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A recent train crash in the Binghampton area of Memphis serves as a reminder to us all – be extremely careful when approaching train tracks. In the early hours of November 14, 2017, a train collided with a vehicle in Binghampton near Pershing Avenue and Scott Street. According to Memphis Police Department, the law enforcement agency that responded to the scene, the driver got caught between the railroad arms as she was crossing over the tracks. Fortunately, she had enough time to get out of her vehicle and out of harm’s way.

Unique Dangers Involving Trains

It takes much longer for a train to come to a stop than it does for cars and SUVs driven by private citizens. Below are interesting statistics to put all of this in context:

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Texas is taking a unique approach to combat a systemic issue in America – distracted driving. Those applying for a new driver’s license must now take additional steps than people who have tried to get a license in years past. If you are 18 years old or older, you must now take a driving skills test and one hour course on distracted driving awareness. While 16 and 17-year-old drivers have had to take their own courses for distracted driving, this is a new requirement for adults 18 and older. At this time, the Texas Department of Public Safety is planning on introducing a distracted driving course geared towards adults who are 25 years old and older as well.

Distracted driving has always come with problematic side effects, and these have magnified in recent years. Many people blame progress in technology on the increase in distracted driving accidents across the United States today. According to the Centers for Disease Control and Prevention (CDC), nearly 9 people are killed each day in an accident that involves at least one driver who was distracted at the time of the crash. Just as alarming, over 1,000 people get hurt each day in these types of crashes.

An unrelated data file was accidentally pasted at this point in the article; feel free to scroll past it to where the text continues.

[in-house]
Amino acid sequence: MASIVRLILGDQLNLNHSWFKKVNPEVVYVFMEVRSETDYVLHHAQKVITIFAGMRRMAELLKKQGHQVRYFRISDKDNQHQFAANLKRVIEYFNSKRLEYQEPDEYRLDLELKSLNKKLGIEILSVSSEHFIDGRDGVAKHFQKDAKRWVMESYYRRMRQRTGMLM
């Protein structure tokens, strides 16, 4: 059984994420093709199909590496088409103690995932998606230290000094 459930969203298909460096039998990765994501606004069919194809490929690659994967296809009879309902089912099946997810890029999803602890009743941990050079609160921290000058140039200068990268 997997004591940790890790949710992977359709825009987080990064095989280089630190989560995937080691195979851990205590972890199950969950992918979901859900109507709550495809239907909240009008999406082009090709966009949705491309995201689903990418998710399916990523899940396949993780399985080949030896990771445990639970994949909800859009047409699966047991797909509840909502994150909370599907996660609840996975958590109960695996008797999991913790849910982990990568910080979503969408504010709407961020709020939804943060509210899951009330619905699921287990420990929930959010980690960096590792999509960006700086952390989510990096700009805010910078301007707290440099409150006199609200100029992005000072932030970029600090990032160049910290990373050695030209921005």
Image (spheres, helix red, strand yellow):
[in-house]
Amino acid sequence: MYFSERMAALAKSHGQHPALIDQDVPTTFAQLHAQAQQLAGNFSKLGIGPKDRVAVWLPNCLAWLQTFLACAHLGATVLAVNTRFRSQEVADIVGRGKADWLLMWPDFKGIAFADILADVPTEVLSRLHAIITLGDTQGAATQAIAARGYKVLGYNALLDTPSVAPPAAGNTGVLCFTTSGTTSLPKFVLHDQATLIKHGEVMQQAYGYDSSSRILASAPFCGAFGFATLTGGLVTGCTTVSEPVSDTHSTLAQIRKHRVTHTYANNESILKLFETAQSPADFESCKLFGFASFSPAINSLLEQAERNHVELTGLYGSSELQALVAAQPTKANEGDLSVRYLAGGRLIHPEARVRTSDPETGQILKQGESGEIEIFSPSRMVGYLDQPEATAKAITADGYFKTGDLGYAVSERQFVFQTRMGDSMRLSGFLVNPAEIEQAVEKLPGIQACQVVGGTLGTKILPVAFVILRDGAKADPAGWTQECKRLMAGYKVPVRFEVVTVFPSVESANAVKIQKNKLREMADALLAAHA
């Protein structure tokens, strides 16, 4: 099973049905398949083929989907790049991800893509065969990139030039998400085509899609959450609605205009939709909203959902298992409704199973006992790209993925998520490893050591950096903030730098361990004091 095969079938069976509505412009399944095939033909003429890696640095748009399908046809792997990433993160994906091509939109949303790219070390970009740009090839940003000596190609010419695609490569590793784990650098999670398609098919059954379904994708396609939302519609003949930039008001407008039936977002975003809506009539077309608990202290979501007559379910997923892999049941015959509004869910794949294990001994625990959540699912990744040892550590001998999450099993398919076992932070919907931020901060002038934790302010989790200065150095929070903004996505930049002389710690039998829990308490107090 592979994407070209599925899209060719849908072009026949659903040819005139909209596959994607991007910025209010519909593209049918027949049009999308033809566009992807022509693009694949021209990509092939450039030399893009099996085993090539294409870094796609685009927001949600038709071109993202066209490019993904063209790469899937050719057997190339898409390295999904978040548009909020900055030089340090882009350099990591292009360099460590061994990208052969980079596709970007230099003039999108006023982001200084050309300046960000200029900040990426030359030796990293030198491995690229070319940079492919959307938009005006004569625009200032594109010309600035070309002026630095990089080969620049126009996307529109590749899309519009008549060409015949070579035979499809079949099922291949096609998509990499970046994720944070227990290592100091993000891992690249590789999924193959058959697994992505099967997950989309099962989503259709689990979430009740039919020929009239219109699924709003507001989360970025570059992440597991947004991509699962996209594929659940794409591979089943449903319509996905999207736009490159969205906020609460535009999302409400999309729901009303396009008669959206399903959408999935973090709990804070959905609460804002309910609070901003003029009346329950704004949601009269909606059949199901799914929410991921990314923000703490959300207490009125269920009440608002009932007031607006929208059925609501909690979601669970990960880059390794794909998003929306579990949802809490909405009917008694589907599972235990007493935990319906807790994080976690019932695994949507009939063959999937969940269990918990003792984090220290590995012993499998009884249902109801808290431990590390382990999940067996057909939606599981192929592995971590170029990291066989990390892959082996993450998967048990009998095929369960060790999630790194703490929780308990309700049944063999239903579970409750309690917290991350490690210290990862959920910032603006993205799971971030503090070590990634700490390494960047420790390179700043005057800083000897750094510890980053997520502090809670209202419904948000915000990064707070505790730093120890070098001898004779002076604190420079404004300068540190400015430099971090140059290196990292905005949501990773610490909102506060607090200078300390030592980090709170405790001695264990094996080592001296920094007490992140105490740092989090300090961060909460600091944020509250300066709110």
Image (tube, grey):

Why does technology lead to more distracted driving related car accidents? For starters, people of all ages have access to a variety of personal devices that can be used at any point in time. Devices like cell phones and tablets are always tempting to use. People think they can look down at their phone to check email, send a text message, or browse social media websites like Facebook, even for a split second, and be fine. However, studies show that taking your eyes off the road to send or read a text message for just five seconds is long enough for your car to drive across an entire football field going 55 mph.

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On October 5, 2017, a federal jury in Chicago, Illinois found large drug manufacturer AbbVie, Inc. liable for injuries caused by AndroGel, a testosterone replacement therapy treatment known to cause serious medical problems, such as heart attacks and strokes. The multi-week trial was held in the United States District Court, Northern District of Illinois. After deliberating for nearly two days, a Tennessee man was awarded over $140 million by the jury who found that AndroGel caused him to suffer a heart attack. The verdict consisted of $140,000.00 in compensatory damages and $140 million in punitive damages, as AbbVie was found responsible for negligence, misrepresentation, and concealment of AndroGel’s risks.